Northrop Grumman to pay for cost of independent review

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by Paula C. Squires

Gov. Bob McDonnell toughened his stance Thursday in a growing political imbroglio involving private computer contractor Northrop Grumman. McDonnell said Northrop Grumman has agreed to pay for the costs of an independent investigation into a weeklong computer crash that disabled nearly a third of the state’s agencies and has led to extended hours over the Labor Day holiday for the Division of Motor Vehicles.

“I have spoken personally with Northrop Grumman CEO Wes Bush,” McDonnelll said in a statement. “I expressed to him that lapses in state computer services was an unacceptable hardship on our citizens and employees … I appreciate the company’s commitment to a full and comprehensive recovery from this system failure, and the agreement that Northrop Grumman would pay for the reasonable cost of the independent review that must take place immediately.”

In recent days, political leaders and editorial pages across Virginia have questioned why Virginia wasn’t getting a quicker response to the worst computer failure since the government hired Northrop Grumman in 2005, especially since better customer service was one of the benchmarks outlined in a revised contract announced in April.   

McDonnell said his administration, together with the Joint Legislative Audit and Review Committee (JLARC), will hire an outside vendor to assess what caused an unprecedented hardware failure. The crash knocked out computer service to 26 of 89 state agencies served by the Virginia Information Technologies Agency in a public/private arrangement with Northrop Grumman. 

In its own statement, Northrop Grumman said it “deeply regrets the disruption and inconvenience this has caused state agencies and Virginia citizens.”  The company said it supports McDonnell’s call for an independent review. “We will reimburse the commonwealth for the reasonable costs for an assessment as it is an essential and responsible measure that will strengthen our ability to protect against future issues,” said Linda A. Mills, president of Northrop Grumman’s Information Systems, a division located in Reston. 

Mills said Northrop Grumman employees had worked “tirelessly” in unison with state IT staffers to make repairs, which had been completed by Thursday. “We are diligently working through the lessons learned from this unfortunate incident and revising the plan to improve process and response time for restoring agency operations.”

To process a backlog of 35,000 to 45,000 license renewals that could not be handled during the service disruption, all of DMV’s 74 service centers will be open Saturday, from 8 a.m. until noon. On Sunday and Monday, 14 centers in select locations around the state will be open. Details on locations and hours can be found at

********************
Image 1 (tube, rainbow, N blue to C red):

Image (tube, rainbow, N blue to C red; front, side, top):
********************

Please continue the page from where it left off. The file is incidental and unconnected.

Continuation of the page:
DMV centers also will offer extended hours the following weekend. The state pushed back the deadline for license renewal applications by an additional 20 days to help people whose licenses expired during the massive failure. 

What isn’t clear yet — and will be considered by the review —  is whether Northrop Grumman will have to pick up the tab for the lost time and productivity of state workers and agencies. Besides DMV, other affected agencies included the State Department of Taxation, which couldn’t process payments, and the State Board of Elections.
Sam Nixon, Virginia’s chief information officer, already has said that Northrop Grumman will be charged $100,000 in fines for the latest service problems.

Northrop Grumman is one of Virginia’s most high-profile corporate citizens. The country’s second largest defense contractor, it employs 40,000 workers in the Washington region, owns the Newport News Naval Shipyard — that city’s largest private employer — and recently announced the move of its corporate headquarters from Los Angeles to Fairfax County.  The move will bring 300 new, high-paying jobs. The company also contributes to Virginia’s political campaigns and gave $75,000 to McDonnell in his race for governor.

The computer outage began Aug. 25 with the failure of a data storage unit.  The unit was built by a Northrop Grumman subcontractor, Massachusetts-based EMC and reportedly incorporates a common type of technology used by many companies and governments across the country. 

The outage came four months after McDonnell announced a restructuring of the state’s controversial 10-year, $2.3 billion outsourcing contract with Northrop Grumman.
Before that, there was talk of scrapping the contract — a move that would have cost the state hundreds of millions of dollars — because of missed deadlines and poor service as NG worked to update and provide computer services in what was then the first-of-its-kind public/private IT partnership. 

Instead, the two parties renegotiated. Virginia agreed to extend the contract for three more years to 2019, incurring $105 million in new costs in exchange for a higher level of customer service.  Stacey Johnson, McDonnell’s press secretary, said the modification in April does not deal specifically with the type of audit that the independent vendor will conduct. However, the contract does contain various provisions about Virginia’s audit rights, she said. 

Three weeks after the new contract was made public, Northrop Grumman announced that it would relocate its headquarters to Virginia.


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